A better relationship with your body through storytelling

 

How do you feel about your body? Do you feel comfortable in your own skin? Or the complete opposite of that?

Maybe you have experienced or are experiencing something interesting… maybe downright challenging, with your body. It might feel like a journey or an adventure.

Or it might feel like a full-on, Braveheart style battle.

Wherever you’re at, storytelling can help.

Personal storytelling is about putting words to your inner experiences -- what you think, what you feel, where you've been and where you're going.

It's also about sharing those words with others, for greater connection and a more authentic life. A good story can bring people together and promote learning, understanding and mutual growth.

In that sense, it can play an important role in our relationships with others. But what about our relationships with ourselves -- more specifically, our bodies?

Storytelling can help with that, too.

Here are some ways you can use storytelling to have a happier, more wholehearted relationship with your body.

1.    Let go of old stories

We hear a lot of stories about our bodies -- mainly that they're not good enough. Over time, we absorb these stories and accept them as our truth.

Storytelling can give you the capacity to shed these old stories and write something new. Something that is much more true to you.

Here's a little writing practice you can use to start letting go of old stories:

Take out a journal or a notebook. Write about something you used to believe about yourself and/or your body that you now think (or suspect) is false. Include what you believe, deep down, is the truth.

Write as much or as little as you like. Then ask yourself these questions:

•          Where did that original belief come from?

•          Why is it still sticking around? Does it serve a purpose?

•          Why are you questioning or doubting that belief?

•          Is that belief holding you back? What are some of the ways it might be doing that?

•          How would it make you feel to shed that old belief?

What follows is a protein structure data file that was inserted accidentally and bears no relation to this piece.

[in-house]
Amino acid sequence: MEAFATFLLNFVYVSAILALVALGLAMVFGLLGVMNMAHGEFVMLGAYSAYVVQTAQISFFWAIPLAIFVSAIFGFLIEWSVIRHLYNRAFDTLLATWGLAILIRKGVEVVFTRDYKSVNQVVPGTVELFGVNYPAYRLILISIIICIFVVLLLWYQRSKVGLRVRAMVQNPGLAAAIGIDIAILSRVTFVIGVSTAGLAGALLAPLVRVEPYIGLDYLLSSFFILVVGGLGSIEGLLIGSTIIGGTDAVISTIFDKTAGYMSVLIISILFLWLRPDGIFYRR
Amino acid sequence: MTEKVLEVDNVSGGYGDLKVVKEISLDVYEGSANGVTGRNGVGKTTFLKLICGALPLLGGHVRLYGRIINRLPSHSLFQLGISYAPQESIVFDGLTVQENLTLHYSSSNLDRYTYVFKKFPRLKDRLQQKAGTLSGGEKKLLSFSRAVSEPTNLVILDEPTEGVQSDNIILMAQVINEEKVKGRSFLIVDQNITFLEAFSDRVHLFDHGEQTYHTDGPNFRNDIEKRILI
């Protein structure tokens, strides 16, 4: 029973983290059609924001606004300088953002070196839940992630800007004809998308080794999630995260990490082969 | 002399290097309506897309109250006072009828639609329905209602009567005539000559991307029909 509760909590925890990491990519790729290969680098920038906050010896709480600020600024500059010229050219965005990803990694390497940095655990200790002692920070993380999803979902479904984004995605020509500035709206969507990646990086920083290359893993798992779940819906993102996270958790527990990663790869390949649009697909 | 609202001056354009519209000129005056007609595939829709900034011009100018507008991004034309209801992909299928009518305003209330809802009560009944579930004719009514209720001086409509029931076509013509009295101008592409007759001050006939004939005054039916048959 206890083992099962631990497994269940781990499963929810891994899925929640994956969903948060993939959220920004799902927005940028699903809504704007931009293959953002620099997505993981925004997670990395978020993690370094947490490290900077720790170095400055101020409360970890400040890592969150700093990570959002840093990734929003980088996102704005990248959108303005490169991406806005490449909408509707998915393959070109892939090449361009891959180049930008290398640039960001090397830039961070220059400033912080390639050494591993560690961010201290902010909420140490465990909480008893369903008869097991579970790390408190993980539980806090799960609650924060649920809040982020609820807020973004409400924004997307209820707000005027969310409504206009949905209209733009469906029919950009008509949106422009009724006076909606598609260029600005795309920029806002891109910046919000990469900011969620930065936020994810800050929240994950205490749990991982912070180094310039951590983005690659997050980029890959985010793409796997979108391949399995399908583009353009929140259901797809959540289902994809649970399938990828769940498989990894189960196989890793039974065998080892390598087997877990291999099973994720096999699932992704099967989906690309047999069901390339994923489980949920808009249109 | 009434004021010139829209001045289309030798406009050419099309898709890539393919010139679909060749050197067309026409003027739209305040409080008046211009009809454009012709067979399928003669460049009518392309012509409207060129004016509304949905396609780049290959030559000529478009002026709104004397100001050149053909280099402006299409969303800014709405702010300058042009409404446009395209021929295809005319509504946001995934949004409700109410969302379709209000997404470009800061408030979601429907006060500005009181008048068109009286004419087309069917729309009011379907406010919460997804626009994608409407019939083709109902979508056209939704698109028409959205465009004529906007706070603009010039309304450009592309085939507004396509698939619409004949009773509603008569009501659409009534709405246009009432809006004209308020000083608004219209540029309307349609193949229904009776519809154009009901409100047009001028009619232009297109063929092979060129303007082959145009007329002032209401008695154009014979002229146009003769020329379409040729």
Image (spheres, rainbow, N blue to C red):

Once you start to see that this is an old story – just a story, not truth – you can start to re-write it. It becomes creative material; something to work with. Not something carved in stone.

2. Release your shame

Unfortunately, a lot of the stories we’re told about our bodies are negative. We internalize these messages as “there’s something wrong with me,” “I’m not good enough,” “I’m bad.”

I’ve felt this shame myself. Most notably, about my heart.

When we lock this shame inside of us, it takes up a lot of space. It feels heavy. It’s like carrying around a heavy locked trunk with you…all the damn time.

Storytelling can do wonders to release this.

If this idea is a bit scary – for example, you’re not ready to disclose the source of that shame – don’t worry, you don’t have to.

If you start to take ownership over your story on the inside, you’ll still get lots of benefits. And you’ll move yourself one step closer to sharing your truth and letting go of secrets, when you’re ready.

Journaling is a great place to start. Give yourself permission to take the time to write about your feelings, your experiences, and yes – your secrets.

Remember: no one is going to read what you write. (If you’re worried about that, keep the journal somewhere safe.)

Keep your own internal judge at bay: for now, don’t read what you write – or if you do, be sure to take your critic hat off first, and just observe.